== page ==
April marked Autism Awareness Month, which works to increase greater understanding, acceptance and inclusion of people on the autism spectrum.

During the month, the Cisco Disability Awareness Network and Special Kids Group in Australia and New Zealand shared a questionnaire to help educate employees about Autism, which refers to a broad range of conditions characterised by challenges with social skills, repetitive behaviour and nonverbal communication. Early intervention, as well as behavioural, educational, family therapies may reduce symptoms and help development/learning.

Diversity and inclusion is really important at Cisco, and we chat to one of our team, Nathan, who offered to share his story with us. Nathan Gregory is a Technical Solutions Manager at Cisco Meraki based in Brisbane, within the training and evangelism department responsible for both partner and customer enablement through training programs and certifications.

By Nathan Gregory.

Optimising workflow to support the needs of my neurological differences

I’m on the autism spectrum, and was diagnosed as an adult. Since I was a teen, I had suspected that I was on the spectrum, but only sought diagnosis and treatment when my ADHD started to impact on my work.

You could say our household is optimised for functioning, as I am married to a psychologist who specialises in ASD and ADHD. I have four kids, three on the spectrum, and a young son with a complicated medical condition. I started at Cisco as a Technical Evangelist. It’s a trainer role, and not something you would typically think would suit a person on the spectrum, but it allowed me to use my strengths, especially my technical skills, whilst keeping my human interactions predictable and well defined.

The other aspect that was helpful to me, was that within that role I was a remote worker, which involved a significant amount of travel. This meant I could moderate the amount time I would spend with people, cognisant of what I needed to do to deliver effectively, and allowing me to withdraw to recharge when I needed to. The role enabled me to define structures and optimise my workflow to support the needs of my neurological differences.

Cisco’s flexibility around working arrangements, and my area of work in particular helped to  support me as a person on the spectrum, and find ways that work to my strengths and bring my best without fitting a traditional mould.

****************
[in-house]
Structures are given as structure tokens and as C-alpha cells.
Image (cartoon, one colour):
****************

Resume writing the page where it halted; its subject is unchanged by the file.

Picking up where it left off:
Working from home, at this time

My family has been working from home for around two months now as we had to withdraw all kids from school due to COVID-19 and my son’s medical condition. It has been busier than usual! Morning routines are different now, but structure and visibility are key to keeping sane. We use a large whiteboard in the living room with each family member’s schedule for the day. This lets the kids know exactly what they should be up to, and know when parents are in Webex meetings, so not to disturb. It also works for “hand over” of parental duties when my wife and I may not see each other between meetings for multiple hours. We can see at a glance who’s been fed, who needs medication, which child has completed their work, and when they have a video call with their teacher. A flexible workplace, in combination with good structures keeps our household going.

The ability to stretch and adapt my workday has meant that I can continue to deliver my projects, my wife can still operate her business remotely, we can be involved in our kids’ education, and actually spend more time together as a family.


Understanding neurodiversity – Autism as a superpower

Understanding neurodiversity is important. There’s a lot of talk about diversity and inclusion in the workplace, though some aspects are more recognisable than others. Neurodiversity may be less visible and sometimes less understood. There are certain common traits of ASD and ADHD that people may recognise, but other traits may be assumed to be just “poor performance”, or the individual choosing to be inflexible.

It’s important to understand that these are not just chosen behaviours, but the challenges this person struggles with every day. As a spectrum, autism traits can present in varying severities from mild to extreme. People may be familiar with autism at the more extreme end of the spectrum, but less so with high functioning ASD. High functioning individuals may hold down jobs and relationships and seem to be “neurotypical”. However, they are likely using twice as much effort to produce the appearance of normal in a meeting or social interaction or to deliver the normal amount of work. For me, structure and predictability is really important, and as much as I enjoy some social interaction, I’m utterly exhausted afterwards and need to set aside some quiet alone time to recharge.

My wife’s clinic, and a growing number of psychologists choose to consider ASD through a strengths-based approach, seeing the “D” in ASD as a “Difference” rather than a “Disorder”. ASD can be a superpower and a strength, and because of this neurological diversity, we can do amazing things.

Yes, there are challenges that come along with it that make interactions and daily life more difficult, but my autism is what as a child gave me the curiosity to pull apart machines (and put them back together) and led me to study IT. Ultimately, autism has optimised me for a career in technology, and is key in what makes me an asset in Cisco.

I’m incredibly grateful that I live in an age in which a career exists that suits my neurological difference. As a person on the autism spectrum, Cisco is a great place to work, because my differences create value for the company and for our customers.